Lentils Benefits and Nutrition


Lentils (Lens ensculenta) are edible pulses that are known for their ‘lens’ shaped seeds. 

Along with beans and peas, lentils are a part of the legume family as they grow within pods.

Lentils are high in proteins, minerals and dietary fibers and are low in fat, making them the best substitute for meat.


Characteristics:
The lentils are drought-tolerant and are grown all over the world, though the main producers are Canada, India, Turkey, Australia and the US.
The lentils are classified based on their size and their color. Their color ranges from yellow to red-orange, green, brown or black.
They are sold in many ways, either whole or are split, with or without skins etc.


Nutrients:

Nutritional value per 100 g

Nutrients Amount
Water 62.95 g
Energy 143 kcal 
Energy 600 kJ
Protein 9.01 g
Total lipid (fat) 0.65 g
Ash 1.17 g
Carbohydrate, by difference 26.22 g
Fiber, total dietary 9 g
Sugars, total 0.34 g
Starch 15.15 g
Minerals
Calcium, Ca 46 mg
Iron, Fe 2.09 mg
Magnesium, Mg 50 mg
Phosphorus, P 147 mg
Potassium, K 436 mg
Sodium, Na 1 mg
Zinc, Zn 0.98 mg
Copper, Cu 0.219 mg
Manganese, Mn 0.453 mg
Selenium, Se 6.2 µg
Fluoride, F 2.2 µg
Vitamins
Vitamin C, total ascorbic acid 0.8 mg
Thiamin 0.193 mg
Riboflavin 0.062 mg
Niacin 0.318 mg
Pantothenic acid 0.21 mg
Vitamin B-6 0.229 mg
Folate, total 172 µg
Choline, total 35.3 mg
Betaine 0.1 mg
Vitamin E (alpha-tocopherol) 0.94 mg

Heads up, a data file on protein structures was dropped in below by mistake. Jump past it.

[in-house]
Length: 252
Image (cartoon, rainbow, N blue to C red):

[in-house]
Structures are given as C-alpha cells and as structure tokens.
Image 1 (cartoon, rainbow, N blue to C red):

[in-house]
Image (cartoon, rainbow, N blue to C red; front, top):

Vitamin K (phylloquinone) 3.5 µg
Lipids
Fatty acids, total saturated 0.136 g
Fatty acids, total monounsaturated 0.133 g
Fatty acids, total polyunsaturated 0.235 g
Source: USDA National Nutrient Database for Standard Reference Release 28

Useful in:

High Cholesterol | Digestion | Gastrointestinal diseases | Irritable Bowel Syndrome | Cardiovascular Diseases | Diabetes | Heart Diseases | Nutrition | 




Lentils are widely used in a variety of dishes like soups, or curries, along with rice, sweets, salads or stews.
An Egyptian national dish called ‘kushari’ is made from lentils

Lentils can be paired best with cabbage, sausages, ham, pork, parsley, ginger, garlic, lemon, vinegar, tomatoes, olive oil, Feta cheese, bacon, rice, onions, radishes, peppers, scallions, pasta, noodles, mint, and spinach.

An individual suffering from kidney problems or gout should avoid the intake of lentils, due to large amounts of the compound called ‘purines’. Purines break down to form uric acid which results in kidney stones or gout. 

Heart:

Lentils are rich in dietary fibers, folate and minerals like iron and magnesium. All these factors contribute in keeping you healthy. Folate reduces the levels of homocysteine, an amino acid made during the methylation cycle. High amounts of homocysteine can damage the walls of your artery and cause a number of heart diseases.

Moreover, magnesium acts as efficient calcium blocker and improves the blood flow in the body.

Diabetes:

The soluble dietary fiber present in lentils is a source of slow releasing energy and also helps to maintain the blood sugar levels stable for a long time. Hence eating lentils is very beneficial, especially if you are suffering from hypoglycaemia, diabetes and insulin resistance.

Pregnancy: 

Pregnant and lactating women need higher levels of iron in their food. Lentils are rich in iron and unlike red meat do not contain fats and high calories. Iron helps to maintain the haemoglobin levels in your blood, transports oxygen to your lungs and helps in the metabolism along with boosting your energy levels.